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Increasing Returns and the Evolution of Violent Crime: The Case of Columbia

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  • Gaviria, Alejandro

Abstract

This paper puts forth an explanation of the recent escalation of violent crime in Colombia. The paper considers three implicit models that isolate different types of externalities among criminals. In the first model criminals make crime more appealing to nearby residents by congesting the law enforcement system and hence lowering the probability of punishment. In the second model the interaction of career criminals and local crooks speeds up the diffusion of criminal know-how and criminal technology. In the third model the daily contact of youth with criminal adults and criminal peers results in the erosion of morals and hence in a greater predisposition toward crime. The paper shows that a myriad empirical evidence -both statistical and anecdotal- lends support to the previous models in general and to the congestion-in-law-enforcement model in particular.

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Bibliographic Info

Paper provided by Department of Economics, UC San Diego in its series University of California at San Diego, Economics Working Paper Series with number qt6x42726z.

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Date of creation: 01 May 1998
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Handle: RePEc:cdl:ucsdec:qt6x42726z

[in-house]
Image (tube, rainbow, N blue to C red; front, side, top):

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Keywords: externalities; probability;

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References

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  1. Edward L. Glaeser & Bruce Sacerdote & Jose A. Scheinkman, 1995. "Crime and Social Interactions," NBER Working Papers 5026, National Bureau of Economic Research, Inc.
  2. Case, A.C. & Katz, L.F., 1991. "The Company You Keep: The Effects Of Family And Neighborhood On Disadvantaged Younths," Harvard Institute of Economic Research Working Papers 1555, Harvard - Institute of Economic Research.
  3. Glaeser, Edward Ludwig & Kallal, Hedi D. & Scheinkman, Jose A. & Shleifer, Andrei, 1992. "Growth in Cities," Scholarly Articles 3451309, Harvard University Department of Economics.
  4. Perron, Pierre, 1989. "The Great Crash, the Oil Price Shock, and the Unit Root Hypothesis," Econometrica, Econometric Society, vol. 57(6), pages 1361-1401, November.
  5. Gary S. Becker, 1968. "Crime and Punishment: An Economic Approach," Journal of Political Economy, University of Chicago Press, vol. 76, pages 169.
  6. repec:fth:stanho:e-95-2 is not listed on IDEAS
  7. Andvig, Jens Chr. & Moene, Karl Ove, 1990. "How corruption may corrupt," Journal of Economic Behavior & Organization, Elsevier, vol. 13(1), pages 63-76, January.
  8. Sah, Raaj K, 1991. "Social Osmosis and Patterns of Crime," Journal of Political Economy, University of Chicago Press, vol. 99(6), pages 1272-95, December.
  9. Steven D. Levitt, 1995. "Using Electoral Cycles in Police Hiring to Estimate the Effect of Policeon Crime," NBER Working Papers 4991, National Bureau of Economic Research, Inc.
  10. Mauro, Paolo, 1995. "Corruption and Growth," The Quarterly Journal of Economics, MIT Press, vol. 110(3), pages 681-712, August.
  11. Freeman, Scott & Grogger, Jeffrey & Sonstelie, Jon, 1996. "The Spatial Concentration of Crime," Journal of Urban Economics, Elsevier, vol. 40(2), pages 216-231, September.
  12. Isaac Ehrlich, 1996. "Crime, Punishment, and the Market for Offenses," Journal of Economic Perspectives, American Economic Association, vol. 10(1), pages 43-67, Winter.
  13. Romer, Paul, 1993. "Idea gaps and object gaps in economic development," Journal of Monetary Economics, Elsevier, vol. 32(3), pages 543-573, December.
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